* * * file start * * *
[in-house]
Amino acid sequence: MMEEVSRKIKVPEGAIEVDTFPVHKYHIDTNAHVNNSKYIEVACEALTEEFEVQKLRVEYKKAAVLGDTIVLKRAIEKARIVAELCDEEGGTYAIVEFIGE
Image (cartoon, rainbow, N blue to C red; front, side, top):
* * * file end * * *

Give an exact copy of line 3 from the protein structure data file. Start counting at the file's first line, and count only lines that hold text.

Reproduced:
Image (cartoon, rainbow, N blue to C red; front, side, top):